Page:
Long Division book on the beach

10 Books That Celebrate Black Love, Joy, and Life

June 18 2021
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Every year on June 19, we celebrate Juneteenth, commemorating the end of slavery in the United States. On this day, it’s important to acknowledge the painful legacy and impact of slavery, while also celebrating the progress and achievement of Black life now. So today, we’re recommending books across all genres that offer dynamic, varied celebrations and portrayals of Black life in America. We hope these stories of Black love, joy, power, pride, and everything else, provides ample opportunities to reflect and rejoice this weekend—and all year long! 

For more, check out Simon & Schuster’s Juneteenth book recommendations!

Long Division
by Kiese Laymon

The linguistic dynamism present in Kiese Laymon’s memoir HEAVY and essays HOW TO SLOWLY KILL YOURSELF AND OTHERS IN AMERICA is on full display in his debut novel LONG DIVISION, in which he discusses topics such as race and the power of language woven into a compelling story. The book starts in 2013, with fourteen-year-old protagonist Citoyen “City” Coldson becoming an overnight YouTube celebrity after having a meltdown onstage during a nationally televised quiz contest. In the aftermath, he is sent to stay with his grandmother in a small Mississippi coastal community. Before he leaves, he is given a book without an author’s name entitled Long Division, which stars him and his love interest back in 1985, attempting to time travel into the past to save a fellow time traveler’s family in 1964.

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Long Division
Kiese Laymon

From Kiese Laymon, author of the critically acclaimed memoir Heavy, comes a “funny, astute, searching” (The Wall Street Journal) debut novel about Black teenagers that is a satirical exploration of celebrity, authorship, violence, religion, and coming of age in post-Katrina Mississippi.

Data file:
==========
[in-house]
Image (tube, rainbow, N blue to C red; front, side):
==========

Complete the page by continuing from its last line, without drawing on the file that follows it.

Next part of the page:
Written in a voice that’s alternately humorous, lacerating, and wise, Long Division features two interwoven stories. In the first, it’s 2013: after an on-stage meltdown during a nationally televised quiz contest, fourteen-year-old Citoyen “City” Coldson becomes an overnight YouTube celebrity. The next day, he’s sent to stay with his grandmother in the small coastal community of Melahatchie, where a young girl named Baize Shephard has recently disappeared.

Before leaving, City is given a strange book without an author called Long Division. He learns that one of the book’s main characters is also named City Coldson—but Long Division is set in 1985. This 1985-version of City, along with his friend and love interest, Shalaya Crump, discovers a way to travel into the future, and steals a laptop and cellphone from an orphaned teenage rapper called...Baize Shephard. They ultimately take these items with them all the way back to 1964, to help another time-traveler they meet to protect his family from the Ku Klux Klan.

City’s two stories ultimately converge in the work shed behind his grandmother’s house, where he discovers the key to Baize’s disappearance. Brilliantly “skewering the disingenuous masquerade of institutional racism” (Publishers Weekly), this dreamlike “smart, funny, and sharp” (Jesmyn Ward), novel shows the work that young Black Americans must do, while living under the shadow of a history “that they only gropingly understand and must try to fill in for themselves” (The Wall Street Journal).

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Revival Season
by Monica West

Fifteen-year-old Miriam Horton is wholly immersed in her evangelical Black Southern community—especially since her own father is a domineering preacher whose words and patriarchal healing powers are close to divine. But when Miriam develops healing powers of her own, her curiosity sends her on a spiritual awakening filled with life-altering revelations. A propulsive coming-of-age story, REVIVAL SEASON explores the themes of disillusionment in authority and faith through a compassionate three-dimensional lens.